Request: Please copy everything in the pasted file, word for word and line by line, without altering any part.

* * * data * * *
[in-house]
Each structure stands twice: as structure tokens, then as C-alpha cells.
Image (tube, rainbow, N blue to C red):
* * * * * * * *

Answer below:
[in-house]
Each structure stands twice: as structure tokens, then as C-alpha cells.
Image (tube, rainbow, N blue to C red):